Kempo, as a self defense, an attack could be redirected rather than stopped so that the oncoming force is used against the opponent. TRUE Kempo is the art of becoming of one mind and body with nature. This requires the study of Natural laws and being firmly centered and truly aware of one’s own existence. Through practice, this enables the student to align the body and mind and well as the opponents. This leads to both wisdom, control and the ability to transform difficulties and aggression which results in self improvement for you and those around you.

Some practitioners come to Kosho Ryu dojos to improve their skills in an art that they are already practicing. Mostly because many arts are based on techniques only. Kosho ryu’s concepts are non biased and offer improvement to techniques that artists already posses. Most martial artists both beginner and advanced never look at their own art the same way after training in Kosho Ryu. This being said Kosho Ryu Kempo is a perfect place to start your journey is you have no martial arts experience!


Many of our members come from other arts like Karate, Judo, Aikido, Kempo, MMA, Krav Maga and others. They enjoy utilizing Kosho ryu in their practice both in our club and other dojos that they train at. Kosho Ryu practitioners respect all other arts and we enjoy both teaching and learning from others by sharing!
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The art of Kosho Ryu Kempo is taught under the guidance and direction of Hanshi Bruce Juchnik, the 22nd generation headmaster. There are several training facilities across North America and Europe.


A History of Kosho Shorei Ryu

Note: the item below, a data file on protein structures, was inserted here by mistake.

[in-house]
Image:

An excerpt from Sensei Jeff Driscoll’s website:



The story of Kosho Ryu must begin with a short history of the temple where Kosho was developed. In the year 778, Shozen Daishi was born. He was so bright that he was called the Child of God. When he was thirteen years old he decided to become a monk, so he shaved his head and began his studies of Buddhism at Yakushi temple at the foot of Mt. Ikura, in Kyushu, Japan. One day he climbed Mt. Ikura and was very impressed with the mysterious clouds over Mt. Kinkai. Eventually, he built a home there. When he was twenty-one years old he enshrined a statue of Shaka, a Buddhist deity in the house. A few years later he rebuilt the house and called it Shaka-In.
At that time Kanmu, the emperor of Japan, became very sick and called for the monk to heal him. He was successful, and the emperor gave him the official title Shozen Daishi, which is a title of high mastery generally reserved for Samurai, and almost never given to anyone of lower stature. In addition, the emperor contributed huge rice fields and a large territory to Shaka-In. Shozen Daishi died in 835, at the age of 57.